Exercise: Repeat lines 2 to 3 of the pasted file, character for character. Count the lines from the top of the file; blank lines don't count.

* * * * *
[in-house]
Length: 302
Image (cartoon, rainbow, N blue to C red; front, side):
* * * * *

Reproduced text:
Length: 302
Image (cartoon, rainbow, N blue to C red; front, side):